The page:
The National Apprenticeship Service announced today that it received almost 370,000 applications for apprenticeship positions between February and April this year.
This figure represents a 32% rise compared to the same period in 2012. There was also a strong increase in the number of employers offering apprenticeship vacancies, with 32,600 vacancies posted between February and April.
The most popular apprenticeship, both in term of numbers of applicants and positions offered was Business and Administration.
The number of applications to apprenticeships in the engineering manufacturing and technology sector increased by over 10% for the period – up to 59520 from 53560 last year. Demand still outstrip supply to the sector however, with manufacturing and engineering employers posting 5446 apprentice vacancies – an increase of 22.6% on February to April in 2012.
The news of increased interest, both from potential trainees and from employer, in apprenticeship qualifications was welcomed by skills minister Matthew Hancock who said: “With more vacancies than ever before, Apprenticeships are fast becoming the norm for young people who want to achieve their career goals through an alternative route to University.”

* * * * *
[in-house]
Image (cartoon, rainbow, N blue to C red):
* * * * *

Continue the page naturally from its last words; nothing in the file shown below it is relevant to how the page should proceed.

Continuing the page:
He continued to say that even more employers should be offering apprenticeships and taking advantage of the support offered by the National Apprenticeship Service (NAS).
From today, these support services are to be augmented by two new tools to help employers understand the mechanisms and responsibilities involved in delivering apprenticeships. One is aimed at SME businesses, the other at large employers.
The two new kits; a small and medium sized employers guide to hiring an apprentice and a large employer toolkit to help set up apprenticeships in an organisation have been tailored in response the recommendations of the Holt Review of Apprenticeships which was published in the autumn of 2012,
Today the report’s author, entrepreneur Jason Holt said: “It is vital that we do more to demonstrate how all employers can grow their own workforce through Apprenticeships. For smaller businesses, this is even more crucial as apprentices help improve productivity while reducing costs.”
David Way, executive director of the NAS reminded SME leaders to take advantage of the £1,500 incentive for the employment of an apprentice. He also urged employers generally to approach NAS with their questions and concerns about supporting apprenticeship delivery and to make us of the new tool kits which together should “make it really easy for employers to hire an apprentice.”